I have been cleaning my office from top to bottom, in secret hopes of winning a Tidy Town award from Barbara O’Connor. While I have tidied from time to time, deep cleaning hadn’t happened since who knows when and I was slowly being sucked under by the paper and souvenirs and paper and books and paper and stuff.
I have been heartless, scanning documents I really, really need to save and pitching the rest. The result so far is that two file cabinets have shrunk to one.
In my frenzy, I’ve found some things I’d completely forgotten about, including two Magna Cartas created when I participated in NaNoWriMo a few years back. The idea was to set forth a personal statement defining what makes a good novel, as well as a partner statement delineating what I don’t like in novels.
Here’s Magna Carta I — my thoughts on what makes a good novel.
MAGNA CARTA I
What makes a good novel?
- A “real” character – someone with flaws
- A reluctant or longing hero (think of India Opal Buloni; Jack in Sea of Trolls)
- Quirky characters (think Broken for You; Alfred Kropp)
- A strong voice – sassy, to steal a word from Patty Gauch
- A sense of optimism and hope
- Room for me to figure things out for myself
- A sense of humor
- Interesting, concrete details – like the knot untying thing in Maniac Magee, or the writing in the wet concrete in Mick Harte Was Here.
- Snappy, lively dialogue that sounds like real people are talking
- Books in which people are trying to figure out what it means to be a human being
- Fresh metaphors and similes that don’t stop my reading but boost it along
- A sense of adventure, at some level (I’m thinking of Charlotte Doyle, the girl pirate books, etc.)
- A sense of mystery – either that there’s one to be solved or a story that celebrates the mystery of life
- Writing that makes me think
- Writing that explores what’s wrong and what’s right in the world on the page
- A sense of sacrifice – the m.c. must give something up in order to gain his/her goal.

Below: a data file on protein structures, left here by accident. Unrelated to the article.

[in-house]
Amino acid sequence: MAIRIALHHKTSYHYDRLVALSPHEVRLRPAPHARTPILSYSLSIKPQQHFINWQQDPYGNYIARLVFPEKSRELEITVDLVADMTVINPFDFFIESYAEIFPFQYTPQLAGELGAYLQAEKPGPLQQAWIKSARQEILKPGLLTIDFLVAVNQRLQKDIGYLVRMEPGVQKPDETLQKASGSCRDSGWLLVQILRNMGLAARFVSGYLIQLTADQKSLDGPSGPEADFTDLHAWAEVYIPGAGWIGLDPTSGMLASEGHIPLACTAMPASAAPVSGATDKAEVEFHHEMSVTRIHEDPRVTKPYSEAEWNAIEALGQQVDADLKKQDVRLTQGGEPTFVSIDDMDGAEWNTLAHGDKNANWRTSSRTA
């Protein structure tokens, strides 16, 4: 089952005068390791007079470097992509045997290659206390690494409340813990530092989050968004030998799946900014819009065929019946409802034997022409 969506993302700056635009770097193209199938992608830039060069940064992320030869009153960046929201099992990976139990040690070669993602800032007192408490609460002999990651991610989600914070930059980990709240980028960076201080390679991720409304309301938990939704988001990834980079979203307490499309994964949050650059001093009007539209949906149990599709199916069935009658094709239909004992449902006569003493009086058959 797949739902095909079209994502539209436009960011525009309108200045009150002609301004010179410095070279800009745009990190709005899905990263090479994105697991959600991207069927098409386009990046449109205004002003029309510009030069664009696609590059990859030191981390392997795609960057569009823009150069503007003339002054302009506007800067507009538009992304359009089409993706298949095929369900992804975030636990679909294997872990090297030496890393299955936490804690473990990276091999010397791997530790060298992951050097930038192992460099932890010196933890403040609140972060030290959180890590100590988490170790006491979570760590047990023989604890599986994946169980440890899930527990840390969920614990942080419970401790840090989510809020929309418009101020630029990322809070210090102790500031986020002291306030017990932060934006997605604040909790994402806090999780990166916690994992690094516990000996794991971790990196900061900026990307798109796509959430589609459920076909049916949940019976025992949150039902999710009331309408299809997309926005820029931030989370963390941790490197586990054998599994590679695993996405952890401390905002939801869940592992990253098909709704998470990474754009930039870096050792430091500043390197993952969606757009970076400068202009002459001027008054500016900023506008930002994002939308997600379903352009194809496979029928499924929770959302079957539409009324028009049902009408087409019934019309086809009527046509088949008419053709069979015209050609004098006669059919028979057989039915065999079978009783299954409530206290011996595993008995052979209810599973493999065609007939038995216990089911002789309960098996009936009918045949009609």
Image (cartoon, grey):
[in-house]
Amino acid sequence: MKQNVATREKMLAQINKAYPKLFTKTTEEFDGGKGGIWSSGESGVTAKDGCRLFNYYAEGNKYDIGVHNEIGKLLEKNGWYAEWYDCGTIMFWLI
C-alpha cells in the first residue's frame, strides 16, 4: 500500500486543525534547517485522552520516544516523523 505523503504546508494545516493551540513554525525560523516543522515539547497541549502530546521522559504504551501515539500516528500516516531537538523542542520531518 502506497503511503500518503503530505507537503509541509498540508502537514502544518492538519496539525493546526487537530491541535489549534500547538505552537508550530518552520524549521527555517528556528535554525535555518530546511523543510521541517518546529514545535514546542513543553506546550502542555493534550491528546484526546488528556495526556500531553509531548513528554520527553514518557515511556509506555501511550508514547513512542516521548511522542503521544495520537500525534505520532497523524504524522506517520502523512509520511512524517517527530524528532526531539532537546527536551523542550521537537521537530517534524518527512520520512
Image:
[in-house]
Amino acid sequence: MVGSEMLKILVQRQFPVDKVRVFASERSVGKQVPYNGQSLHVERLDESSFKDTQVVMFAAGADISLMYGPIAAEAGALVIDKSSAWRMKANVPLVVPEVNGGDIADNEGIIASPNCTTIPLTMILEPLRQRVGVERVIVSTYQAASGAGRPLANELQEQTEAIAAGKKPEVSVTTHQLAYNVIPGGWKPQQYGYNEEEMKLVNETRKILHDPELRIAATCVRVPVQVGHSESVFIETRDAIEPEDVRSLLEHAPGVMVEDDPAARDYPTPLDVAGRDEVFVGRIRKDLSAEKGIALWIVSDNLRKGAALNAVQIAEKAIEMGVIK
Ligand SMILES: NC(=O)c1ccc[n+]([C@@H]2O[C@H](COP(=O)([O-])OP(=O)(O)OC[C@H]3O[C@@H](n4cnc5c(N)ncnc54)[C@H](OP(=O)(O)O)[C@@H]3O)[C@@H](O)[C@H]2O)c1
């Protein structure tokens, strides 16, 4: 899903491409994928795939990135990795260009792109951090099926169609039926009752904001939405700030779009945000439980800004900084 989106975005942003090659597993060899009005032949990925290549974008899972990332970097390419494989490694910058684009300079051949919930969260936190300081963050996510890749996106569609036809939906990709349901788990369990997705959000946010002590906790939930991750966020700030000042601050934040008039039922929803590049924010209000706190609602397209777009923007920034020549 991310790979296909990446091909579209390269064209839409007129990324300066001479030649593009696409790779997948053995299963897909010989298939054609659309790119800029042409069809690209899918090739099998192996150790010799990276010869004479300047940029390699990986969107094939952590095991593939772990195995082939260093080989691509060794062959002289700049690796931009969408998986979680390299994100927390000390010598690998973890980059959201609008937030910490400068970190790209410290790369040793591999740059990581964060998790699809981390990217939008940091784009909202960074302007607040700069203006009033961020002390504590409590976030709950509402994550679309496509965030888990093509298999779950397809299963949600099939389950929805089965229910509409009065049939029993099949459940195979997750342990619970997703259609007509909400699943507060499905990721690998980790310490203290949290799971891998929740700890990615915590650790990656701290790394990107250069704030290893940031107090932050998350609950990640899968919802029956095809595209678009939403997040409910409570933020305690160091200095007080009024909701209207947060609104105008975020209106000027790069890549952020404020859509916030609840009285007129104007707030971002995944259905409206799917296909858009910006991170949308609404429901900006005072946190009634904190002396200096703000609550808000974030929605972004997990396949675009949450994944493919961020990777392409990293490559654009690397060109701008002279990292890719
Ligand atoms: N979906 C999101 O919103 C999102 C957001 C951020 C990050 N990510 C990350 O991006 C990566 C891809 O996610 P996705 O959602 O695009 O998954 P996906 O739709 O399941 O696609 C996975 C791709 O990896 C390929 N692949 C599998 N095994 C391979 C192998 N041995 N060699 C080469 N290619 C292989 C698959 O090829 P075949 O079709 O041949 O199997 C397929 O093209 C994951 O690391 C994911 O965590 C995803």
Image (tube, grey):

- Conversational tone
- While setting isn’t overly important, I do enjoy knowing the story is set in a specific time and place (Feed; Ida B; Each Little Bird)
- It doesn’t have to be fast-paced or glitzy but it should show me something new – like Criss-Cross
Even a few years away from creating this list, it still holds together for me. I can’t think of much to add. What would your list look like?
Tomorrow, I’ll post Magna Carta II.
Okay, I’m giving you the Tidy Town award for that.
I love that list. I can’t think of a single thing to add to it.
I’m going to print it out and put it in one of my files. Now….where did I put that file? I know it’s under this pile somewhere. 🙂
My list would look just like yours. I’m saving it and pasting it next to my desk, which doesn’t have a prayer of ever winning a Tidy Town award so it just gets worse.
May we all aspire to write such books. Thanks for sharing this, Kirby:)
Great list and thank-you to Barbara for linking to you. I totally agree with the snappy dialogue thing. Hate it when kids sound like miniature adults (not the kids who are supposed to be that way! ie quirky character, etc).
I, too, will paste and ponder both your lists.
Fantastic post, Kirby! What a great list. I’m printing this out, too. And I agree with everyone on it. Now I’m mentally checking the list with my own current WIPs.